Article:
Commemorate the important 1776 Battle of Brooklyn, with FREE Revolutionary War re-enactors on horseback, artillery demonstrations, a parade of flags and more, where where the momentous battle was held, on land including what is now Green-Wood Cemetery.
The event on Sunday, August 30th at Green-Wood commemorates the 239th anniversary of the Battle of Brooklyn, fought on August 27, 1776. It was the first battle of the American Revolution to be waged after the signing of the Declaration of Independence, and it did not go well for the Continental Army under Gen. George Washington.
Here’s the schedule of family-friendly events:
10am to noon – Trolley tour of Green-Wood’s Revolutionary War-related sites led by author and historian Barnet Schecter and Green-Wood historian Jeff Richman.
12:30pm to 1:30pm – Living history programming on Green-Wood’s meadow, including drills, weapons demonstrations, and re-enactors from Continental Line regiments as well as historic figures. 18th-century cooking and other demonstrations will bring colonial America to life.
1:30pm to 2pm – Battle of Brooklyn Parade from Green-Wood’s Main Gate to Battle Hill led by The Regimental Band of the United States Merchant Marine Academy. Along the parade route will be nearly 100 replicas of Revolutionary War flags which attendees are invited to carry to Battle Hill.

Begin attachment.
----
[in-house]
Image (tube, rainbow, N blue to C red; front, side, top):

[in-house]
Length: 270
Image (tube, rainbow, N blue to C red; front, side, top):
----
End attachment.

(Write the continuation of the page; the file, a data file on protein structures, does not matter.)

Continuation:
2pm-3pm – Battle of Brooklyn Commemoration Ceremony atop Battle Hill – the highest natural point in Brooklyn – with picture postcard views of the Statue of Liberty, New York Harbor, and the Manhattan skyline.
All events are free, except for the trolley tour, which is $30; $25 for Green-Wood Historic Fund and Brooklyn Historical Society members. To make reservations or to find out more information, call 718-210-3080 or visit www.green-wood.com/toursevents.
Reservations for the trolley tour are recommended as it usually sells out quickly. Walk-ups will be accommodated on a first-come, first-served basis.
Subway directions: Take the “R” train to 25th Street in Brooklyn and walk up the hill one block and into the Cemetery. Free parking is available.
More about the Battle of Brooklyn: The battle went so badly that it resulted in the British occupation of New York City until the end of the war. Washington and his remaining troops escaped across the East River and fled north through Manhattan, and Gen. Washington directed most of the rest of the war effort from the Hudson Valley.